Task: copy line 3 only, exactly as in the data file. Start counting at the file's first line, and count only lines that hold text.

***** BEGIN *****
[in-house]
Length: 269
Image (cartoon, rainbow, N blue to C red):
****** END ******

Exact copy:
Image (cartoon, rainbow, N blue to C red):